The catalysts speed up heavy oil extraction under the conditions of in-situ combustion.
Projected heavy oil and viscous oil reserves in Russia are up to 40 — 50 billion barrels and a significant portion of that volume lies within Tatarstan. Heavy oil extraction warrants special technological processes, and research in that direction is currently becoming the center of attention in heavy oil-rich countries (USA, Canada, Venezuela, Russia).
Researchers at Kazan University cooperate with their peers from Stanford University. Their latest results were published in Energy and Fuels.
Senior Researcher at the Interbedding Combustion Lab Andrey Galukhin speaks about the research:
“Calorimetric experiments show that crude oil with higher saturate content and low resin fraction has higher heating value. Additionally, the crude oils undergo two major transitions when subjected to an oxidizing and constant rate environment known as low- and high-temperature oxidations at each heating rate studied. There are ways to pump extremely hot steam into a reservoir to liquefy viscous oil, what facilitates the extraction. However, there are limitations — if the reservoir more than 1 km deep, steam loses most of its heat energy. That is why in-situ combustion is interesting for us — the heat for liquefying is generated in the reservoir. Our group works on catalysts that provide combustion during this process. The catalysts help to oxidize oil deposits in reservoirs that are relatively resistant to burning.”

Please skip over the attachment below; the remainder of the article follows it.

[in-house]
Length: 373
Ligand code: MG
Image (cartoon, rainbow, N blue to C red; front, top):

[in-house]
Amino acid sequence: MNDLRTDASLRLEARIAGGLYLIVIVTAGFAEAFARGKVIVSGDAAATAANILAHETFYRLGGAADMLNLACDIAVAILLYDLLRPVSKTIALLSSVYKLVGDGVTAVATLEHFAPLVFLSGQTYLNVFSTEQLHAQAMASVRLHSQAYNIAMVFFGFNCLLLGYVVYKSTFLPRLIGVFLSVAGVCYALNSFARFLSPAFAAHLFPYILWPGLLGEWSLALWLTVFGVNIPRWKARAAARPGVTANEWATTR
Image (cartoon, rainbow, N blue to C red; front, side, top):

Dr. Galukhin won a grant for this particular work from the Russian Foundation for Basic Research in 2015.
The catalysts developed by the group have already shown promising results in lab tests, and the work continues.
Filed Under: Materials • advanced